15 December 2011

“Emotions, in my experience, aren't covered by single words. I don't believe in "sadness," "joy," or "regret." Maybe the best proof that the language is patriarchal is that it oversimplifies feeling. I'd like to have at my disposal complicated hybrid emotions, Germanic train-car constructions like, say, "the happiness that attends disaster." Or: "the disappointment of sleeping with one's fantasy." I'd like to show how "intimations of mortality brought on by aging family members" connects with "the hatred of mirrors that begins in middle age." I'd like to have a word for "the sadness inspired by failing restaurants" as well as for "the excitement of getting a room with a minibar."

~Jeffrey Eugenides, Middlesex

Other moments we need words for: "The joy of waking before your alarm goes off, only to realize you have nowhere to be," and "the serenity that comes with warm, fat socks."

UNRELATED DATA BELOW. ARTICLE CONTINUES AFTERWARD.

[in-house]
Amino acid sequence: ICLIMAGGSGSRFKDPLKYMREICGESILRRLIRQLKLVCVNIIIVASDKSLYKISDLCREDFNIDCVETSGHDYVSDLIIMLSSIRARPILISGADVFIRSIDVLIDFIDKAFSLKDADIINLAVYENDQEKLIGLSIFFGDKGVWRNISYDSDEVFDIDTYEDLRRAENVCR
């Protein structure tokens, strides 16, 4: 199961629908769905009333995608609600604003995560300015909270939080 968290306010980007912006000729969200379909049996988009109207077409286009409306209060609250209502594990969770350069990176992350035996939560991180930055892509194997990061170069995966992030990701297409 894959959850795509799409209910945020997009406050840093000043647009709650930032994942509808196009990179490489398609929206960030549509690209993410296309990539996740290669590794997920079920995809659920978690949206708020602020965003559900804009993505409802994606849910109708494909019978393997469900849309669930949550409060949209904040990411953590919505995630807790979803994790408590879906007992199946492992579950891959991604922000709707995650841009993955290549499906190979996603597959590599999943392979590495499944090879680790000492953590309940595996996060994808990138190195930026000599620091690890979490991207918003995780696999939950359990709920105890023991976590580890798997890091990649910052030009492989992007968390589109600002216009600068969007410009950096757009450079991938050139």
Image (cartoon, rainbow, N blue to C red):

1. I love this post.
    I bet if we lived together now, we'd have to make a wall-list of these. "The accomplished delight in craving a food already in the house;" "the overwhelming peace, love, and desire to do good in the world brought on by holding a sleeping baby;" "the internal joy-leaps at appropriately-placed and -used punctuation and grammar."

    1. We should probably start making that list anyway. IF ONLY THERE WERE A PLACE ON THE INTERNET WHERE WE COULD WRITE THESE DOWN!!!!

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